The Next Generation of IAF's OrBat?

From new heavy-lift helicopters to the next generation of the veteran F-15 fighter jet – the Israeli Air Force is looking toward a possible upgraded order of battle

(Photo Credit: Boeing)

Boeing is a giant corporation with a workforce of hundreds of thousands of employees in dozens of US states as well as outside the USA. Boeing Israel, with its headquarters in Tel-Aviv, represents the Boeing Corporation opposite the various organs of the Israeli government and the Israeli industries. Boeing provides Israel with JDAM munitions and fighter aircraft and is IAI's partner in the development and manufacture of the Arrow-III missile system, for which Boeing manufactures parts of the interceptor missile's engine and guidance system.

Four advanced aircraft platforms by Boeing are currently undergoing various stages of RFI (Request for Information) processes by the Israeli defense establishment: a heavy-lift helicopter, a fighter aircraft, a tiltrotor aircraft and a refueling tanker. All four aircraft, currently under examination, are manufactured by Boeing.

The Israeli Air Force (IAF) will probably be delighted to take possession of all four platforms, but the decision-making by the government, the Israel Ministry of Defense (IMOD), the IDF and the IAF will be fairly difficult owing to budget constraints and operational considerations. Additionally, some of these platforms face serious contenders in the market.

This report reviews the current status of these four aircraft platforms by Boeing, each one of which is an extensive project that could shape the future of the IAF.

The CH-47 Chinook heavy-lift helicopter, intended to replace the IAF's aging CH-53 helicopters currently in use: the IAF submitted an RFI to Boeing, and the response should be provided by the end of this summer. Subsequently, the IAF will test Boeing's helicopter, send crews to fly it (some IAF pilots have already flown the Chinook helicopter) and consolidate a recommendation for the IAF staff and the IDF – the IAF's recommendation regarding the heavy-lift helicopter for the next 30 years. As stated, IAF helicopter pilots have already flown the CH-47 Chinook with US Army Special Forces and "expressed their satisfaction." The CH-47 Chinook faces a serious contender – Lockheed Martin/Sikorsky's CH-53K King Stallion.

The F-15I Advanced fighter, the latest model of the F-15 platform, intended to replace the IAF's aging F-15B/C/D and F-15I currently in use: Boeing regards this platform as "Israel's future strategic bomber." The Israeli government should decide, at some point, whether to acquire this platform and if so – the number of platforms to be acquired, and what the mix of F-15I Advanced fighters and F-35 stealth fighters by Lockheed Martin should look like. At the moment, the IAF is reviewing alternatives and examines the capabilities of this platform vis-à-vis its future needs.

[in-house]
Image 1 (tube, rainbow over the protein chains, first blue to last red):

Another Boeing platform currently under examination is the V-22 Osprey tiltrotor aircraft, a platform intended to airlift special operations forces to their destinations at high speed and at various flight levels. In the past, Israel intended to acquire this platform and a letter of agreement for this transaction remained unfulfilled. The agreement refers to the acquisition of some twelve V-22 Osprey aircraft, including a flight simulator and a crew training package.

The final Boeing platform currently under consideration is the KC-46 refueling tanker, based on the civilian passenger aircraft Boeing 767. Boeing is convinced that Israel needs a new refueling tanker fleet owing to the obsolescence of the refueling tankers based on the outdated passenger aircraft Boeing 707. The current status is this: official documents were submitted to the US government and to the US Air Force, but a contract is yet to be signed. The people at Boeing hope that the contract will be signed in 2018. Boeing may face serious competition in the airborne refueling category, too, in the form of IAI's capabilities of converting passenger aircraft into military and cargo aircraft and refueling tankers.

The major US manufacturers have already spoken publicly about Israel becoming a potential client.

In the matter of the CH-47 Chinook heavy-lift helicopter, Randy Rotte, Boeing's director of Chinook global sales, told FlightGlobal (May 20) that Boeing is already in talks regarding the helicopter's Block II configuration with several international customers, including Israel: "There are questions being answered in Israel," he said. "They're in the fact-finding phase."